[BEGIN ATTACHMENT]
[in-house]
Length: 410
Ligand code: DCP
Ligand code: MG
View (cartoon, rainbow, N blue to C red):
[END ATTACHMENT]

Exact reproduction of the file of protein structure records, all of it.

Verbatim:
[in-house]
Length: 410
Ligand code: DCP
Ligand code: MG
View (cartoon, rainbow, N blue to C red):